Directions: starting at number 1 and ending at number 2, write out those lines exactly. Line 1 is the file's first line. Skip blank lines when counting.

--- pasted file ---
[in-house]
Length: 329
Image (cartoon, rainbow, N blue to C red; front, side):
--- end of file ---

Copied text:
[in-house]
Length: 329